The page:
And speaking of IBM opening up development, in an announcement earlier this week IBM said it will make its IBM Watson technology available as a development platform in the cloud to enable a worldwide community of software application providers who might build a new generation of apps infused with Watson’s cognitive computing intelligence.  Watson badly needed this; until now Watson has been an impressive toy for a very small club.

The move, according to IBM, aims to spur innovation and fuel a new ecosystem of entrepreneurial software application providers – ranging from start-ups and emerging, venture capital backed businesses to established players. To make this work IBM will be launching the IBM Watson Developers Cloud, a cloud-hosted marketplace where application providers of all sizes and industries will be able to tap into resources for developing Watson-powered apps. This will include a developer toolkit, educational materials, and access to Watson’s application programming interface (API). And they should do the same with Kimchi.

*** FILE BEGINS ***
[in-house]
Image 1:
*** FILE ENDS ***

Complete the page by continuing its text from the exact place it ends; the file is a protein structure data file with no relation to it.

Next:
zBX and the Next IBM Hypervisor

May 31, 2011

Even before the zEnterprise/zBX was introduced, most mainframe data centers were multi-platform, multi-OS shops. IBM had z/VM and Power VM as hypervisors for System z and Power systems, but in the x86 world VMware ESX ruled, followed by Microsoft’s Hyper-V.

So, it was significant when IBM announced in early May that it and Red Hat, an open source technology leader, are working together to make products built around the Kernel-based Virtual Machine (KVM) open source technology for the enterprise. Jean Staten Healy, IBM’s Director of Worldwide Cross-IBM Linux, told IT industry analysts that the two companies together are committed to driving adoption of the open source virtualization technology through joint development projects and enablement of the KVM ecosystem. DancingDinosaur touched on aspects of this several weeks ago, here.